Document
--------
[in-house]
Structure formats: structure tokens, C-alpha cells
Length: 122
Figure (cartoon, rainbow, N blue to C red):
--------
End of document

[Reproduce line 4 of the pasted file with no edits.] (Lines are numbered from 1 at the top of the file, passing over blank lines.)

Figure (cartoon, rainbow, N blue to C red):